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21 July 2021

I think I could be forgiven for never in my wildest dreams expecting to look back fondly on 2019, but how times have changed. 

Replacing the disappointment of losing an election is a longing for our lives in Australia and around the world to return to a pre-COVID normality. The irony is very real. 

This past Saturday morning, as my family and I came to terms with lockdown 5.0 in Melbourne and the initial stress and mild panic of the uncertainty ahead, especially for our children, we took a deep breath and decided we needed to get on with things as best we could.

But the stark reality is that Australians are doing it very, very tough right now. 

Prime Minister Scott Morrison and I both battled it out to be Australia’s leader. In May 2019 both of us wanted the job as much as the other. 

I'd love to have had a crack at leading Australia through this pandemic, but that didn't happen and the universe doesn't grant reruns. 

He got the tick. Fair enough. That’s our system. But it’s hard not to watch on with head in hands. 

Within nine months of the 2019 election our lives had radically changed forever due to the arrival of the COVID-19 pandemic that has since crashed over us. 

Eighteen months on from the start of the pandemic, 13.5 million Australians today are in lockdown, we have the worst vaccination rate in the OECD, and we have only one federal quarantine facility. 

Worst of all, Aussies lack hope. We lack hope because the leader of the nation is not painting a picture of our future.

Every major poll this week has stated Prime Minister Morrison is failing to lead Australia through this pandemic. 

Voters are frustrated about lockdowns, the botched and lagging vaccine rollout, and the absolute lack of certainty – both economically and personally.

What I don't understand is why Scott Morrison didn't, every single day since the start of the pandemic, concentrate on vaccines and quarantine facilities.

Why weren’t more vaccines purchased, some quarantine facilities built? Why no semblance of a plan? 

There are 16 approved COVID-19 vaccines in the world being used today. Australia currently has access to the Oxford-Astra Zeneca and Pfizer. 

Somehow the Morrison Government managed to undermine the Astra Zeneca vaccine in Australia by a complete mismanagement of the public health messaging of the vaccine it had chosen to invest heavily in first. 

Instead of carefully explaining the very rare side effects, which has not stopped the other 179 countries using Astra Zeneca from forging ahead, vaccine hesitancy is at worryingly high levels.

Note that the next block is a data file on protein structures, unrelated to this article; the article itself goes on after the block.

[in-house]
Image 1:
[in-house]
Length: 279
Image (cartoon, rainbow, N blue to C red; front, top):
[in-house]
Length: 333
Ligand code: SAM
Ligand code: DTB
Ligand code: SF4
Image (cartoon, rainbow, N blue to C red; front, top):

We now watch on as the UK starts to open up, with two thirds of adults fully vaccinated – most with the much-maligned Astra Zeneca, which the UK is also most proud of producing. 

The stark contrast in vaccination rates is most evident in the critical older age brackets: In Australia, less than 13 per cent of 60 somethings are fully vaccinated, in the UK it is verging on 100 per cent. 

As for the quarantine, this is where Scott Morrison doubled down on sitting on his hands. When suppression appeared to be Australia’s COVID-19 plan of attack, every leak from city hotel quarantine saw millions of Australians head straight back into lockdown.

While we must accept lockdowns are part of the solution for now, we need to have a goal on the horizon so people can stay on track. 

Each time we lockdown, people lose their jobs and income, small businesses are forced to shut with scarce support, and our children are on the rebound back into home schooling. 

Children have been the big losers of this pandemic – home schooling has been difficult at best, catastrophic at worst, emergency department presentations for mental health issues like self-harming and eating disorders have spiked, and, to top it off, let’s not pretend kids don’t absorb their parents’ stress, which has been plentiful. 

This has to change. Australia needs hope on the horizon. 

All I say is, Mr Morrison, a leader must be a dealer in hope, not a dealer in hands off. 

What Australia needs out of Canberra right now is a hope factory, not a pessimism factory, not a too hard factory, not a give up factory. 

People are starving for a better way. 

Let’s get inventive. Whatever needs to be done to get us out of this shutdown cycle should be considered. Whether it’s a national lottery with entry for any person who is fully vaccinated or some kind of major incentive to get us over the line. Just do it. 

I think that if you tell Australia where the finishing tape is, every Australian will stand up and they'll reach that finishing tape. 

But we need the leadership that the Australian sacrifice deserves.

And so far that leadership has been missing in action.

Since the pandemic began, there has been two pivotal moments which have kept thousands of Australians alive. Both were led by state governments. 

One. When we rejected “herd” immunity and the less stringent approaches of the US, UK, India and Brazil and we went on the path of eliminating the virus. 

Two. When my home state of Victoria decided to eliminate the virus and gave Australia a chance to be zero-COVID.  It was a big call. It had not been done anywhere else. The Federal Government mocked it. And it worked. 

But now we need a third pivotal moment. It’s called hope.

This was first published in The West Australian on Wednesday, 21 July 2021.